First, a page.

Lactose intolerance in patients with irritable bowel syndrome from northern India: a case-control study

Dinesh Gupta, Uday C Ghoshal, Amita Misra, Asha Misra, Gourdas Choudhuri, Kartar Singh
Journal of Gastroenterology and Hepatology 2007, 22 (12): 2261-5

BACKGROUND AND AIM: Symptoms of irritable bowel syndrome (IBS) and lactose intolerance (LI) overlap. Data on the frequency of LI in patients with IBS from India are scanty. The aim of this study was to evaluate: (i) the frequency of LI in patients with IBS and its various subtypes as compared with healthy subjects (HS) from northern India; (ii) the relationship between self-reported milk intolerance and laboratory evidence of LI; and (iii) the role of small intestinal bacterial overgrowth in LI in patients with IBS.

METHODS: 124 patients with IBS (Rome II criteria) and 53 age- and gender-matched HS were studied for LI using the lactose hydrogen breath test (LHBT) and the lactose tolerance test (LTT). Symptoms following lactose ingestion (diarrhea, bloating or distension) during the test and history of milk intolerance were recorded. Sixty-nine of the patients with IBS also underwent a glucose hydrogen breath test (GHBT). Patients with IBS were classified into those with diarrhea (IBS-D; >3 loose stools/d), constipation predominant (IBS-C; <3 stools/week) and indeterminate (IBS-I; between >or=3/week and <or= 3/d).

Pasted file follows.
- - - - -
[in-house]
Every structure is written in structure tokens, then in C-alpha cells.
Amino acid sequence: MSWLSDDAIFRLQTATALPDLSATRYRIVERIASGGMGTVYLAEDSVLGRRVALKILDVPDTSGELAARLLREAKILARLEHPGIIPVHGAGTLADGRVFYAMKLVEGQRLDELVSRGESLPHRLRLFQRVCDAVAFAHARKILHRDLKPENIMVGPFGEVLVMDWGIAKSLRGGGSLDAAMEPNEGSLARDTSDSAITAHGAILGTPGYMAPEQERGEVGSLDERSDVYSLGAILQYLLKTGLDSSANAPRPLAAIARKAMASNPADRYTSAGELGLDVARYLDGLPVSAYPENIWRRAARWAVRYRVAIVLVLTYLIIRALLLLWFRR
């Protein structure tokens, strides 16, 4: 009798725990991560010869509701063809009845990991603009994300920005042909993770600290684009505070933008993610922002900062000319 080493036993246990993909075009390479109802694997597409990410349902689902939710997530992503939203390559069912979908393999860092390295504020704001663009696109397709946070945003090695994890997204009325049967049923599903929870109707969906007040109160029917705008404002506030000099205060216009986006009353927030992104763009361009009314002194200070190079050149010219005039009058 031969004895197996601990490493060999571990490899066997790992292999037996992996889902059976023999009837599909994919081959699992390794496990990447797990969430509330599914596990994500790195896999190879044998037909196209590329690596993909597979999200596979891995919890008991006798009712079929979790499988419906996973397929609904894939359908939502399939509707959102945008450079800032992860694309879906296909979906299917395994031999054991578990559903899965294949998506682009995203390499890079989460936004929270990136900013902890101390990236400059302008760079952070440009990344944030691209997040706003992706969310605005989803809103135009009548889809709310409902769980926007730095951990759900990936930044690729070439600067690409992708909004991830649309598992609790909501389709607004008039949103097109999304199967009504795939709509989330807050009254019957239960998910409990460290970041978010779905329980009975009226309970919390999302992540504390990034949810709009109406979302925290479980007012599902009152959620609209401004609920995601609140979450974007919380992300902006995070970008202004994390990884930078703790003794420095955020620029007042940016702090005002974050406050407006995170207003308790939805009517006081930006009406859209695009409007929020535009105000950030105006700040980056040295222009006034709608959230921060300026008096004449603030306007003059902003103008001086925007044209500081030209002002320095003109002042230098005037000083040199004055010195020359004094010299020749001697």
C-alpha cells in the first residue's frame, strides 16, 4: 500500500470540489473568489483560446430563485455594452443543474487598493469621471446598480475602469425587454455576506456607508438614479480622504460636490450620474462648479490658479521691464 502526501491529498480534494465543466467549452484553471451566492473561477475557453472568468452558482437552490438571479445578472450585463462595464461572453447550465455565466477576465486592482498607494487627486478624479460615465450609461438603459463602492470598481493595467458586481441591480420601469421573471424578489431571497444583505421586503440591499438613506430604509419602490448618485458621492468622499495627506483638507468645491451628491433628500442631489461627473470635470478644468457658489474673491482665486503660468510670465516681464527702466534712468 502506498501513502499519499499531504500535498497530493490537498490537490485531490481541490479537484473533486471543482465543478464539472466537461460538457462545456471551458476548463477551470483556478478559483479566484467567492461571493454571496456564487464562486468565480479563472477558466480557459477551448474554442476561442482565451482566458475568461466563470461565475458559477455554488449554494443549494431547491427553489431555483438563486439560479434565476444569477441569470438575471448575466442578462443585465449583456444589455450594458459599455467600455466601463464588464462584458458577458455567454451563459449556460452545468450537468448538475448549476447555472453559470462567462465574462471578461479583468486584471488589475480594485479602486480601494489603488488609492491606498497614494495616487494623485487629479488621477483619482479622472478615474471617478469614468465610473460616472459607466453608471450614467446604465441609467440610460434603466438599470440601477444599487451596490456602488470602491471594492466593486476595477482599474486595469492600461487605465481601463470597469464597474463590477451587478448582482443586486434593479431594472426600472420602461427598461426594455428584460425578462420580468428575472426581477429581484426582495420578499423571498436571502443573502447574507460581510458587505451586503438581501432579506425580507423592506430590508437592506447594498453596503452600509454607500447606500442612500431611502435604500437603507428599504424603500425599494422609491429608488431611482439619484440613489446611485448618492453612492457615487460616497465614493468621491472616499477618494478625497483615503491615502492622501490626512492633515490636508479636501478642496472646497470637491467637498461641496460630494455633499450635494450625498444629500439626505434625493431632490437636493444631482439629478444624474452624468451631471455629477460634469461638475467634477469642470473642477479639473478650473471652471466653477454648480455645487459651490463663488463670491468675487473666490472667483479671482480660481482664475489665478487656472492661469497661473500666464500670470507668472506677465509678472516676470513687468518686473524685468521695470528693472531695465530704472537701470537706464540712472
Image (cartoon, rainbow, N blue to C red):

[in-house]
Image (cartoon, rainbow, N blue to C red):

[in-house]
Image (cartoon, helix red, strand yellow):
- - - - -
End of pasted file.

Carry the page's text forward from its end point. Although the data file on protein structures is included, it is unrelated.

RESULTS: 89/124 (72%) and 32/53 (60%, P = ns) IBS patients and HS were positive by LHBT and 82/124 (66%) and 38/53 (71%, P = ns) by LTT. Lactose intolerance as diagnosed either by LHBT or LTT was comparable among IBS patients and HS (102/124, 82% vs 41/53, 77%; P = ns). Peak breath hydrogen values during LHBT were also comparable among patients with IBS and HS (64 +/- 40 p.p.m. vs 61 +/- 44 p.p.m.). Patients with IBS developed symptoms following lactose ingestion more frequently than HS (68/124 vs 18/53, P = 0.01). Glucose hydrogen breath test was positive in 9/69 (13%) patients with IBS and was comparable among patients with (8/57, 14%) and without LI (1/12, 8%). Thirty had IBS-D whereas 94 had other subtypes of IBS (IBS-C, n = 9 and IBS-I, n = 85). The frequency of LI in IBS-D was similar to that of other subtypes (26/30, 86% vs 76/94, 80%; P = ns). The positive and negative predictive value of self-reported milk intolerance in detecting LI was 81% and 23%, respectively.

CONCLUSION: The frequency of LI is high and comparable among IBS patients and HS from northern India. Patients with IBS more often reported symptoms following lactose ingestion despite levels of breath hydrogen being similar to HS. The frequency of LI in patients with IBS-D was comparable to that in patients with other types of IBS. Self-reported milk intolerance has poor sensitivity in detecting LI.

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